Stack Overflow is a community of 4.7 million programmers, just like you, helping each other.

Join them; it only takes a minute:

Sign up
Join the Stack Overflow community to:
  1. Ask programming questions
  2. Answer and help your peers
  3. Get recognized for your expertise

Lets say I want to receive some data from the serial port. Using a block call for serial.ReadLine() and using the following event.

private void port_DataReceived(object sender, System.IO.Ports.SerialDataReceivedEventArgs e)
        var port = (SerialPort)sender;

        string line = port.ReadLine();

            // PROCESS DATA Somewhere else


I was reading from different sources and all of they say that the serial.ReadLine has its own thread and I should not modify the UI from this thread unless using BeginInvoke. However, I notice that during some time the UI will become unresponsive anyway.

So here is my question. Calling a new thread inside port_DataReceived will be a bad idea? I want to receive the data and process the received data in another thread however mythread.Start() where to put it? I cannot be starting it all the time I just want it to know somehow when to run independently after receiving the data. And according to MSDN a aborted thread cannot be started again. Putting Thread.Sleep is freezing my UI.

share|improve this question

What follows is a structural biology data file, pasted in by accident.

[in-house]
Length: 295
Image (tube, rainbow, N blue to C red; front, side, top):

You misunderstand what is going on. SerialPort.ReadLine() does not use a thread. It is your DataReceived event handler that runs on another thread. Necessary so that the SerialPort can notify your code about received data as quickly as possible without having to wait for your UI thread to go idle. Which does indeed mean that you cannot directly update your UI from your event handler, you'll get an InvalidOperationException when you try anyway.

The DataReceived event is certainly there to help you avoid freezing your UI. There are too few hints in your question to know what your real problem might be. One issue could be using Control.BeginInvoke() too often, flooding the UI thread with invoke requests so it doesn't get around to doing its regular duties. Like responding to input and painting. The workaround for that is to simply invoke less often, you only need to keep human eyes happy and they don't work that fast. Buffer the received data, keep the amount of output to your UI reasonable so a human can actually see more than a blur.

Another common issue is deadlock, it will permanently freeze your program. Easy to diagnose with a debugger, you'll see your program stuck on the SerialPort.Close() call. This happens when you use Control.Invoke() instead of Control.BeginInvoke(). Don't use Invoke().

share|improve this answer
Then that means I cannot call other function inside DataRecieved to update my UI. Also I cannot do Thread.Start() everytime a message is receive so what can I do? – SpcCode Jul 25 '13 at 23:14
@Hans has explained it quite clearly, which is why I gave him +1. Unlike many answers in 'Multithreading', he has it just about spot-on. Don't use Invoke(). Don't over-BeginInvoke and flood the GUI input queue with Windows messages. Don't continually Create/Start/Terminate/Destroy threads. If you absolutely need to handle serial data in another thread, queue the data to it with a BlockingCollection queue. – Martin James Jul 25 '13 at 23:25

Your Answer


By posting your answer, you agree to the privacy policy and terms of service.

Not the answer you're looking for? Browse other questions tagged or ask your own question.